King Lear is clearly loosing his mind, and just wants to live the rest of his life in happiness, but this is obviously not going to happen. He decides to traditionally give his wealth to his daughters, but first he wants to find out who loves him the most. Most people do this after the die, but Lear wants to enjoy his inheritance being given to his loved ones, however, they do not show him any respect. This tradition is what leads to the chaos of the rest of the play. He gives everything to his first two daughters who he thought loved him the most, but they the ones who mistreat him and probably love him the least, and so he is throw out in the rain, stripped of all his dignity and any sense of mental stability that he has left.Scene three is a very important part of the play because Lear reached his final breaking point. This is shown when Lear says:
Blow, winds, and crack your cheeks! rage! blow!
You cataracts and hurricanoes, spout,
Till you have drenched our steeples, drowned the cocks! (3.2.1–3).
In this quote Lear is questions the goodness of the world, and he does not understand how he got to this breaking point.The pandemonium and fierceness of the storm in this scene reflects the chaos in Lear’s life and his fading mind. He feels as though he has nothing left. This is actually a very depressing scene because he gives his two daughters everything and he has nothing to show for it. This is ironic because when he asks Cordelia how much she loves him in the beginning of the play, she replies with the word “nothing”. He banishes the only daughter who truly loves him and as a result Lear is stripped of his rights, wealth, love, and self-esteem when Goneril and Regan end up betraying him. As readers, one can clearly feel sympathy for King Lear because in the end all he wanted was love from his daughters. This is shown when he continues his speech in the rain:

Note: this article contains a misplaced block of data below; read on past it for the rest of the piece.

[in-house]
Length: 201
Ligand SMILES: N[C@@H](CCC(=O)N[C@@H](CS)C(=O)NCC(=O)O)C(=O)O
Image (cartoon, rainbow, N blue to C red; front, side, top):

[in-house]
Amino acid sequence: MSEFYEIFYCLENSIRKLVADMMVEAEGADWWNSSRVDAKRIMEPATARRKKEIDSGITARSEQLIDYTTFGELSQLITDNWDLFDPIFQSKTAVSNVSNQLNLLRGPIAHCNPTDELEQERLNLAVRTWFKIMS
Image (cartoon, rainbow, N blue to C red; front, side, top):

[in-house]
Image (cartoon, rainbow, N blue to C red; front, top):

Nor rain, wind, thunder, fire, are my daughters.
I tax you not, you elements, with unkindness;…
Here I stand, your slave, a poor, infirm, weak, and despised old man.
But yet I call you servile ministers, that have with two pernicious daughters joined. (3.2.14–19).
Lear is clearly is very upset and is going crazy, saying: thunder it is not your fault, I don’t blame you, however, instead I blame my two daughters who are evil. He is told that he has made an unwise decision when he gave his wealth to his two daughters in the beginning of the play, but he does not want to listen because they are his daughters and he truly wants to believe that they love him for him, and not for his wealth and inheritance.This is an important part of the play because he actually admits to his faults. He should have never gave away his wealth to Goneril and Regan. He comes to a realization that he wants to win back the only daughter that truly cared for him—Cordeila.